Kampala Evangelical School of Theology (KEST) provides theological training to all denominations in Uganda. The school was founded in 1988 as a part-time institution and became full-time in 2001. Since then, KEST has had close to 400 part-time and 11 full-time graduates.
KEST is committed to biblical mission and social action. While the majority of Ugandans profess Christianity, the lack of positive societal impact indicates a need for sound biblical teaching in churches. The school seeks to provide biblically sound leaders who will disciple other leaders to rise up.
Uganda’s challenges are common to most of Africa: corruption, HIV/AIDS, immorality and poverty. KEST’s strong emphasis on biblical teaching, discipleship and its Christian Counseling and Development Studies programs give special attention to these challenges. KEST also strives for excellence in ministry. Each student is placed in a local church for practical experience, such as pastoring, outreach, translation and Christian education.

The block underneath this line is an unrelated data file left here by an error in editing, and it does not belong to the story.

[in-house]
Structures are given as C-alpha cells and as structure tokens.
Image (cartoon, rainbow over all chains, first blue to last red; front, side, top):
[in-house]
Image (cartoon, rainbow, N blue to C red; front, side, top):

KEST participates in programs across countries that discuss such issues as reconciliation, HIV/AIDS, global anti-poverty and human trafficking. Through the years, KEST has also become a leading center for intensive, non-formal program courses and seminars, such as the “Politics as mission” seminar organized before the 2006 national election.
Graduate Collins Sentumbwe works as a Kampala project coordinator with Advancing Ministries of the Gospel, reaching out to vulnerable children with Christian love and hope. He pursued his degree to “increase his ministry effectiveness.” He has also served as an Associate Pastor, church treasurer and youth leader for the last 10 years.
The new principal of KEST is Dr. Phillip M. Wandawa.